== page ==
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Wednesday 17th February 2016
Tags: David
A group of University Students from the computer science departments at Cal Poly, and North Carolina State University in America have compiled a report looking at gender bias in Open Source based on the pull request acceptance of women versus men. The study looks at acceptance rates of contributions from men and women on GitHub.

The assumption prior to the report was that women would be prejudiced against by fellow coders. A 2013 study around Open Source website Stack Overflow showed that out of 2000 developers (who identified gender) only 11.2% of them were women. 

The outcome was in fact that women’s code was more likely to be approved than that of men’s, on one condition, that the code was posted anonymously. 

GitHub does not actually ask its users to provide details regarding their sex but the researchers were able to determine 1.4million user’s sex via various methods. 

The students found that 78.6% of pull requests made by women were accepted compared with 74.6% of those by men.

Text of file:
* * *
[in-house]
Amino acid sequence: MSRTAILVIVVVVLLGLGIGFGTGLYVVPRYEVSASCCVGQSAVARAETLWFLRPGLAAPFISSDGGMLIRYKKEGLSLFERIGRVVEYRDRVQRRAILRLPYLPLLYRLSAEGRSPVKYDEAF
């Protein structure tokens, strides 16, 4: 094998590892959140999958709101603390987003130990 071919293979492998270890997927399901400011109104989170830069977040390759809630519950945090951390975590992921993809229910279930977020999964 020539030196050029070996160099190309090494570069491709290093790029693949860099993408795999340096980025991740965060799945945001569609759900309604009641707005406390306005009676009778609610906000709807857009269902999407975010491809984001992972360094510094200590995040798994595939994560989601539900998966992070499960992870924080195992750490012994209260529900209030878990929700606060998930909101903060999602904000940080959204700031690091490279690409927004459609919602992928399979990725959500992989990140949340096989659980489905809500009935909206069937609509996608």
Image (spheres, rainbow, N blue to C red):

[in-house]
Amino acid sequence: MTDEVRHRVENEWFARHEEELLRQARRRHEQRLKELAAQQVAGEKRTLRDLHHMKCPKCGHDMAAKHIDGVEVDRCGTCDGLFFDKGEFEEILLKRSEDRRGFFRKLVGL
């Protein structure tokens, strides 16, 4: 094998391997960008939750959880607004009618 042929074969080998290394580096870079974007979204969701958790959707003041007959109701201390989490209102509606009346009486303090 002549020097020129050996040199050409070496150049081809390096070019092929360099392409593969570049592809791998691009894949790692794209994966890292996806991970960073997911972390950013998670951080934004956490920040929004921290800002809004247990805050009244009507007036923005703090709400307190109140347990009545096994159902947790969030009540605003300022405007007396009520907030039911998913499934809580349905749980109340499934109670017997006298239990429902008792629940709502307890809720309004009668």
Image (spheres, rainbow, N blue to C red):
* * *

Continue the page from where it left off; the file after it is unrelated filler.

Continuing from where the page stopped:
This is compared to when women post code openly. "For outsiders, we see evidence for gender bias: women's acceptance rates are 71.8% when they use gender neutral profiles, but drop to 62.5% when their gender is identifiable. There is a similar drop for men, but the effect is not as strong," the study said.

It is very hard to determine through such methods whether women do in fact produce better code than men, however it does indicate that there is a bias against women developers. 

Which raises the question what can be done to reduce this feeling of gender in equality the programming sector?

We'd be really interested to hear your thoughts on this. 

Tweet us @AmsourceTech.
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